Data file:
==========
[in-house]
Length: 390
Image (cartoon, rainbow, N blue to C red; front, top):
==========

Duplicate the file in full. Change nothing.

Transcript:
[in-house]
Length: 390
Image (cartoon, rainbow, N blue to C red; front, top):